When did the site officially launch?
The site launched on Monday, July 16th 2007 and by Friday we had sold out all 3000 bottles of BaconSalt in three states and twelve countries. All of the sudden we were back ordered by three weeks. On July 16th, Dave and I took day off work. We bought a case of beer and had a roll of scotch tape and twenty boxes in his garage. We didn’t even know how to use Pay Pal—which was on our account as our shipping tool. We thought we’d get an order or two. And all of the sudden, we had hundreds of orders. The company went in the black like hour sixty-one and we never looked back. We still thought it was a weird Internet fluke. Monday comes around and I’m back at work and Dave calls me at like 8 am. In this really accusatory tone he says, ‘What have you done? 70,000 people went to the web site this morning!’ Well, someone from MSN, the second most visited web site in the world, got a hold of an email we sent around about BaconSalt, put something about us right on the home page and that really was it. It just went and all of the sudden we were backordered for months. We started grinding it out. We quit our jobs, got a small warehouse, had just one employee and we figured out how to market a food product for free using just the Internet and built a strategy around that.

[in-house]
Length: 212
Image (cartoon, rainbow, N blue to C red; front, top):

What other things have you done on the Internet to grow the brand?
We went after all the majors . . . that’s really how we did this. Daily Candy was our original Oprah. They put us on their “Everywhere Edition.” We were calling independent grocery stores to sell our product because no major chain would touch us at this point. We tried getting on radio shows to tell our story and went after sites like AOL/Food, Thrillist, Salon, Daily Candy, all the BBQ web sites and funny web sites like holytaco.com. We found that all these content web sites out there would do something on us and were Internet gold. We could advance the brand with them and drive people back to our Myspace profile, Twitter account, Facebook . . Our Facebook group has like 10,000 followers. That allowed us to interact with our followers and make it sound like they were participating in the growth of a company. We told the story online that we were just two guys who had no idea what we were doing and you could follow our failures and successes everyday and just laugh about it. People would go out and champion our brand and story. People have gotten BaconSalt tattoos. We don’t spend any money on marketing. I do all the press and communications for the company fulltime. I just find people who are interested in hearing a funny story and want to move the brand forward.